The marriage was a bummer. All six years and three-quarters yeas of it. Except for the kids. Two of them. Both sweet and dearly loved, But this story isn’t about them.
We’d moved to an up-scale Chicago suburb. It was a nice apartment. Corner unit, ground floor, a little yard for the kids with windows on the South and East sides, which meant we got cross-breezes. It was livable. We could stay there until my consulting work made enough to buy a house. Yippee.
But inside the apartment there were many episodes of sturm und drang, such as to vex the most hardy soul. For example, the Beast was averse to sex — I found this out on our wedding night — and had limited our physical congress to one night a month, after which she would throw herself on the bed and sob with guilt. She had, as I posted earlier, let herself go, the better to keep me at bay and it worked splendidly.
Grinding my teeth in frustration, I’d come across a little novelty store and spotted a sign to hang on a doorknob. It was a pie chart with an arrow-shaped spinner in the center. The headline read, “No Sex Tonight Because:” and the pie slices were labeled with the excuses most men have heard throughout their lives — such things as Headache, Period, Upset Tummy, Diarrhea, Too Tired and a few more. The sign’s footer read, “Go Ahead, Give it a Spin!”. I drove a small nail in the bedroom door at eye level and hung it there. That didn’t do much for tranquility in the Sprague household.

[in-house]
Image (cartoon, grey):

One hot and humid afternoon in July I pulled up in front of the building, deciding to put the car in the garage later on. As I got out of the car, I heard a buzzing sound. Insects. Flies, to be specific. Big blue-assed fellows. Scores of them and all clamoring to get in the bedroom window, tearing at the screen with their six little legs. I stopped to contemplate this phenomenon; what could be the attraction?
And then I felt a smell. A carrion smell. It was coming out the bedroom window. This, of course, explained the flies.
Once inside the Laini door, I asked the Beast, “What’s with the goddamned smell?”. In what had become her customary response to any question I posed, she thrust out her face in an expression of hostility, and huffed. “That smell,” I said, pointing down to the bedroom. “I don’t smell anything”, she snorted.
‘Well I sure the hell do,” I all but snarled. “I’m gonna find out what it is.”
The kids were still fooling around with their stuff and the Beast worked on dinner so down the hall I went.
Oh, Christ, dinner. Tonight it was to be another Shepard’s Pie. Normally, delicious beyond description that it made a man bolt down at least two plate fulls at one sitting. But not the Beast. Her recipe was literally heart stopping.
It started with a pound of hamburger so fatty it was pink — like a pound of lard with a dab of red food coloring added. This was pressed into the bottom of a casserole dish and covered with pepper and salt. Next came a mixture of French cut green bean and Campbell’s Mushroom Soup. Once assembled, this delight was topped with a layer of Tater-Tots and placed in the oven at 350-375 for 45 min. In Minnesota, we called this Hot Dish. Simply Hot Dish. Ask any Minnesotan.